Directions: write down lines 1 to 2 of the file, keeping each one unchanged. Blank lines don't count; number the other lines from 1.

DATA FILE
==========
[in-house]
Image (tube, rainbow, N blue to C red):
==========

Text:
[in-house]
Image (tube, rainbow, N blue to C red):